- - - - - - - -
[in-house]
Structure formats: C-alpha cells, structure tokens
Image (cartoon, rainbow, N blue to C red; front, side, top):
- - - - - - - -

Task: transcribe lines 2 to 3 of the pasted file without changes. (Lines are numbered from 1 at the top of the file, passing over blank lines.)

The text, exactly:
Structure formats: C-alpha cells, structure tokens
Image (cartoon, rainbow, N blue to C red; front, side, top):